Thus came Bhabiji’s Boutique – Designer Wear an year ago. Meticulously procured from different parts of North India, Pallavi got the best fabrics she could assemble. Fluorescent coloured walls were echoing potential of the boutique. Mannequins were set up, Saint Gobain glasses were put, designs and prints of all choices were installed in a queue like they waited for someone. Chotu was hired to put a full stop to all the preparations. He was specifically asked to wear an inch tape around his neck to make ‘always-ready-to-measure’ feel. A 22 year old boy, Chotu worked previously in Shahpur Jaat for a wedding themed boutique. Thin boy with beard growing irregularly, Chotu had two pairs of shirts and pants and three t-shirts but a fancy Chinese smartphone.

He was a caretaker cum local designer cum masterji cum client persuader cum everything after Pallavi at Bhabiji’s.

Clientele was limited but seemed glossy. A handful was seen during the house warming ceremony and for a few months after that.  Some high-class women did come who were fancied temporarily and bought a few cloth pieces. Mr. Bansal and the kin were last seen at the boutique some months ago. Daughter had made a Facebook page, a Twitter account and an Instagram profile. Needful was done.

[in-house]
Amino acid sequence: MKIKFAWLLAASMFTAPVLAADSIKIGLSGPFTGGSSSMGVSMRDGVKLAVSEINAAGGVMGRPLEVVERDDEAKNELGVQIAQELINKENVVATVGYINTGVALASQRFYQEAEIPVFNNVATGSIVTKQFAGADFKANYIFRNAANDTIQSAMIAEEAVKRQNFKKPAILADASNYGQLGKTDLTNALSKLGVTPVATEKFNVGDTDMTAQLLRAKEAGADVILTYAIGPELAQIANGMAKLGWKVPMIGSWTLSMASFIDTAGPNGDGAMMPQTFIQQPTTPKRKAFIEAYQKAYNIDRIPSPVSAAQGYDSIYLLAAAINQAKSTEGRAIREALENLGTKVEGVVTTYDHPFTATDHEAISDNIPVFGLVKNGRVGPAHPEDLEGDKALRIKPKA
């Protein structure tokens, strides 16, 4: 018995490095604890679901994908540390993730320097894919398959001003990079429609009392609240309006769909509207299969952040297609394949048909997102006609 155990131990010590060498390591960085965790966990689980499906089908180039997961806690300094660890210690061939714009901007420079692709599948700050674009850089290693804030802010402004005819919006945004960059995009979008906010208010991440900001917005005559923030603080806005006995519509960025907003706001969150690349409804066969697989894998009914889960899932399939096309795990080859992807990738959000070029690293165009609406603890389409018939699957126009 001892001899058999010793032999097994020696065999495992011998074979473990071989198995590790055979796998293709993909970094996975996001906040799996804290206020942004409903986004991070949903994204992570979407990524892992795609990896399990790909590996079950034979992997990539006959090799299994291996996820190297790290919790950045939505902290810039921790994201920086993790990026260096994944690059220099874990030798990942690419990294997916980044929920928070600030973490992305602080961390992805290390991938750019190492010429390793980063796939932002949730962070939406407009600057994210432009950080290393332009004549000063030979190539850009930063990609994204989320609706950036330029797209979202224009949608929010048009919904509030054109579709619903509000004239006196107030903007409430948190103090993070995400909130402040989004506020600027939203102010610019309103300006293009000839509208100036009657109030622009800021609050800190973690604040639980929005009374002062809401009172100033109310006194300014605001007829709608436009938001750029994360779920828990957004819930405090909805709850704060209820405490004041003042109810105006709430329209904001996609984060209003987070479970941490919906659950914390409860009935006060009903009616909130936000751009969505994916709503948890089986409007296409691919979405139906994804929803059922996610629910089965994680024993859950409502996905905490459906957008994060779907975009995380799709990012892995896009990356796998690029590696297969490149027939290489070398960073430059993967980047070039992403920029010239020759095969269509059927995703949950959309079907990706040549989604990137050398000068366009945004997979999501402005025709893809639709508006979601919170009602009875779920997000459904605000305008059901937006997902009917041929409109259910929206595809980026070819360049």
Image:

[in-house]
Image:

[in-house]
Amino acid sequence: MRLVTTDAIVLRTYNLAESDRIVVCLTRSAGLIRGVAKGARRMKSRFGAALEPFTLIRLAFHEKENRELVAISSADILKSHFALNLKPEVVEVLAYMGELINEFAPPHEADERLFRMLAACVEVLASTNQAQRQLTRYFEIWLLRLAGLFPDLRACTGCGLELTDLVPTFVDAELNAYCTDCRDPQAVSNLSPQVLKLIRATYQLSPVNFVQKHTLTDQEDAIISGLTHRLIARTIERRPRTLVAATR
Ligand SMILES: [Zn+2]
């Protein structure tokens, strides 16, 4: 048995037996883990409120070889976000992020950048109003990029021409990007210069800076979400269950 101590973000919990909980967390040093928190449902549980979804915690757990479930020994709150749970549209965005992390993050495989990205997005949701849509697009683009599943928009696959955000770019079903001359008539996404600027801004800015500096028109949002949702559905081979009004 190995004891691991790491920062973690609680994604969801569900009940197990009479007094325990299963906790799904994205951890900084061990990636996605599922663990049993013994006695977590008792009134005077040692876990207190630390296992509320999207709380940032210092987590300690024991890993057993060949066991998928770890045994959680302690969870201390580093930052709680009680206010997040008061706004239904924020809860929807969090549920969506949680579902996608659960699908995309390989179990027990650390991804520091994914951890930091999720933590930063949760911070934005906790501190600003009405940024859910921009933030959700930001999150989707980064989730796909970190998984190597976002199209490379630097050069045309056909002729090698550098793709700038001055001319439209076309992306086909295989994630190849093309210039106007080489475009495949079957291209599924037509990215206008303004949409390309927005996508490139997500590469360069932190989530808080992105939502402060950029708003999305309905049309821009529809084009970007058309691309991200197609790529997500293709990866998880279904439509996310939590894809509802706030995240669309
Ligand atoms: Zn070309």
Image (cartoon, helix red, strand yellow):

“What did you find now?” Asked Chotu while tracking flies during his customary cleaning process.

“These young fashion bloggers I tell you. They wear all dresses. Lot of old world charm coming up.” Said a swooned Pallavi while fiddling with her Instagram account on iPhone.

Just when both were talking on recent fashion trends emerging on Instagram, a classy lady entered Bhabiji’s with her Gucci’s first copy bag. She was fat, fair and fake. She entered like a gush of heavy water and quickly submerged in the apparels that hanged in line.